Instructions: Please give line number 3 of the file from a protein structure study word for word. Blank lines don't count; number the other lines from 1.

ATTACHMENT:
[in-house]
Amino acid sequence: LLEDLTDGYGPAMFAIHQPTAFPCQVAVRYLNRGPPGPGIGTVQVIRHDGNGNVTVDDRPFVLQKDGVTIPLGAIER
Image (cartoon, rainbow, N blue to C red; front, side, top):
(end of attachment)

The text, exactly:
Image (cartoon, rainbow, N blue to C red; front, side, top):